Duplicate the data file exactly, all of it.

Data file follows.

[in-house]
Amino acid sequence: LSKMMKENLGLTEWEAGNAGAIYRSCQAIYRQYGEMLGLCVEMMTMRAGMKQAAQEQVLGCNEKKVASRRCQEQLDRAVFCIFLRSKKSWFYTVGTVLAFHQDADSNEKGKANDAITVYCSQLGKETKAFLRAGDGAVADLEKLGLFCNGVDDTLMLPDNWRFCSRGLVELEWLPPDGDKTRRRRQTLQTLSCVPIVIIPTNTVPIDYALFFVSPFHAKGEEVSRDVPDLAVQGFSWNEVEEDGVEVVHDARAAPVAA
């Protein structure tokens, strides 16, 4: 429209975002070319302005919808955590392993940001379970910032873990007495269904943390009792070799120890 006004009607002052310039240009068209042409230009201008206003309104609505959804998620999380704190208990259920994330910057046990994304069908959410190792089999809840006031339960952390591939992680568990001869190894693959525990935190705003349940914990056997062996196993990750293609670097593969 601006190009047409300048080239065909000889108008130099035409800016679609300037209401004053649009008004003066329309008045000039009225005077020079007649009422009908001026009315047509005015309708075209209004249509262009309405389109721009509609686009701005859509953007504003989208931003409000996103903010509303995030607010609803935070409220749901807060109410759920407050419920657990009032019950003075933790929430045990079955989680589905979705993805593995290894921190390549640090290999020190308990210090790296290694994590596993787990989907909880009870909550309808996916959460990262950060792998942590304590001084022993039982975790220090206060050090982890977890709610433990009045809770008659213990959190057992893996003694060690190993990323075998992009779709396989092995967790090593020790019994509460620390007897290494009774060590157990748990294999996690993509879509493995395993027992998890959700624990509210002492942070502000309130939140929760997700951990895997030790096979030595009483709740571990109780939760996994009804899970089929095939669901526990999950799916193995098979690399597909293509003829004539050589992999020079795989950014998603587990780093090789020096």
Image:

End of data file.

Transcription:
[in-house]
Amino acid sequence: LSKMMKENLGLTEWEAGNAGAIYRSCQAIYRQYGEMLGLCVEMMTMRAGMKQAAQEQVLGCNEKKVASRRCQEQLDRAVFCIFLRSKKSWFYTVGTVLAFHQDADSNEKGKANDAITVYCSQLGKETKAFLRAGDGAVADLEKLGLFCNGVDDTLMLPDNWRFCSRGLVELEWLPPDGDKTRRRRQTLQTLSCVPIVIIPTNTVPIDYALFFVSPFHAKGEEVSRDVPDLAVQGFSWNEVEEDGVEVVHDARAAPVAA
């Protein structure tokens, strides 16, 4: 429209975002070319302005919808955590392993940001379970910032873990007495269904943390009792070799120890 006004009607002052310039240009068209042409230009201008206003309104609505959804998620999380704190208990259920994330910057046990994304069908959410190792089999809840006031339960952390591939992680568990001869190894693959525990935190705003349940914990056997062996196993990750293609670097593969 601006190009047409300048080239065909000889108008130099035409800016679609300037209401004053649009008004003066329309008045000039009225005077020079007649009422009908001026009315047509005015309708075209209004249509262009309405389109721009509609686009701005859509953007504003989208931003409000996103903010509303995030607010609803935070409220749901807060109410759920407050419920657990009032019950003075933790929430045990079955989680589905979705993805593995290894921190390549640090290999020190308990210090790296290694994590596993787990989907909880009870909550309808996916959460990262950060792998942590304590001084022993039982975790220090206060050090982890977890709610433990009045809770008659213990959190057992893996003694060690190993990323075998992009779709396989092995967790090593020790019994509460620390007897290494009774060590157990748990294999996690993509879509493995395993027992998890959700624990509210002492942070502000309130939140929760997700951990895997030790096979030595009483709740571990109780939760996994009804899970089929095939669901526990999950799916193995098979690399597909293509003829004539050589992999020079795989950014998603587990780093090789020096």
Image: